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138                               THE GAY GENIUS

All his life Su Tungpo took part at courtesans' dinners, and nine
times out of ten had to write poems on shawls or fans by request of
the entertainers.

"Oh, hush the night, each minute an ounce of gold,
While faindy floats the music of flute and song.
So fragrant the air, so cool the moonlit courtyard,
While darkly glides the silent night along."

Su wrote many sentimental poems about women, but he never wrote
erotic poetry, as his friend Huang Tingchien did.

The Sung courtesans had popularised a new form of poetry, the
tse, and Su Tungpo mastered it and transformed it from a metre for
sentimental poetry of the lovelorn into a vehicle fit to express any
thought or sentiment in his breast. One of his best tse was on the "Red
Cliff", whose theme was the passing of great ancient warriors. Li Po
and Tu Fu had sung three centuries earlier, and by their genius had
made the Tang quatrain and double quatrain the regular verse patterns
for a distinguished host of imitators. But these quatrain forms, uni-
formly of five or seven words to the line, with the inevitable two
couplets in the middle, had become stereotyped. Every poet tried to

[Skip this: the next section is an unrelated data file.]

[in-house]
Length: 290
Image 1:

evolve a new style. But the last nuance in observation of a waterfall
or an egret or die shadows of willow trees had been discovered, and
somehow the richness and emotional intensity of the Tang poets were
gone. What was more serious, even poetic diction had become a repeti-
tion of hackneyed metaphors. Some of them were bad in themselves-
to begin with. Su Tungpo wrote in a preface to one of his poems on
snow that he was determined not to use the word salt. After all, snow
was a better word. The themes of Tang poetry had been overplayed,
and the language too often deliberately harked back to lines by other
poets, giving a secret delight to the learned reader who knew where
that particular twist of thought and expression came from. It was the
tracing of the expressions to their obscure sources that gave the greatest
opportunity for the "commentators" to display their pedantry. As a
rule, writers of the so-called commentaries on collected poems did not
consider it part of their duty to elucidate the meaning or judge th*g
quality of the poem, but contented themselves with pointing out the!
source of a particular expression.

The liberation of poetry from decadent inertia always came from
Ae growth of a new form of poems popularised by the courtesans.
The language was fresh and new, the Sung tse was closer to the ver-
nacular than Tang poems, and the later Yuan drama was still closer to
Ae vernacular than Sung tse. The tse was nothing but a song written
to a given piece of music. People did not "write" tse, they "filled in"